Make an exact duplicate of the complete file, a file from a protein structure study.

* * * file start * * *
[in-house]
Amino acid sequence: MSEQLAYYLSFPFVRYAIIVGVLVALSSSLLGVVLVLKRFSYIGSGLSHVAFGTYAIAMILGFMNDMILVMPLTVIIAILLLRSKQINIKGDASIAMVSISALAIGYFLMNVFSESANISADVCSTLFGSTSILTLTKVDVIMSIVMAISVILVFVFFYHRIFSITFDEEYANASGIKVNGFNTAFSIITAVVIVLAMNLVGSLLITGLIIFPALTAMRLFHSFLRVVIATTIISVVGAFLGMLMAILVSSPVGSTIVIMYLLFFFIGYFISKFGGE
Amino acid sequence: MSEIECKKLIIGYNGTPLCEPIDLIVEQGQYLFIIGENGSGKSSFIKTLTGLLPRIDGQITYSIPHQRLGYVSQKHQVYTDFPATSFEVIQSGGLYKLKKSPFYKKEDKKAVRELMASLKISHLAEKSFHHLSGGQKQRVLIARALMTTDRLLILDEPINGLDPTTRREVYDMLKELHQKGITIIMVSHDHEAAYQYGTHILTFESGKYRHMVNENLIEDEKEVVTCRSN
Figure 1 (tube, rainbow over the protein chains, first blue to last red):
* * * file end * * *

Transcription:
[in-house]
Amino acid sequence: MSEQLAYYLSFPFVRYAIIVGVLVALSSSLLGVVLVLKRFSYIGSGLSHVAFGTYAIAMILGFMNDMILVMPLTVIIAILLLRSKQINIKGDASIAMVSISALAIGYFLMNVFSESANISADVCSTLFGSTSILTLTKVDVIMSIVMAISVILVFVFFYHRIFSITFDEEYANASGIKVNGFNTAFSIITAVVIVLAMNLVGSLLITGLIIFPALTAMRLFHSFLRVVIATTIISVVGAFLGMLMAILVSSPVGSTIVIMYLLFFFIGYFISKFGGE
Amino acid sequence: MSEIECKKLIIGYNGTPLCEPIDLIVEQGQYLFIIGENGSGKSSFIKTLTGLLPRIDGQITYSIPHQRLGYVSQKHQVYTDFPATSFEVIQSGGLYKLKKSPFYKKEDKKAVRELMASLKISHLAEKSFHHLSGGQKQRVLIARALMTTDRLLILDEPINGLDPTTRREVYDMLKELHQKGITIIMVSHDHEAAYQYGTHILTFESGKYRHMVNENLIEDEKEVVTCRSN
Figure 1 (tube, rainbow over the protein chains, first blue to last red):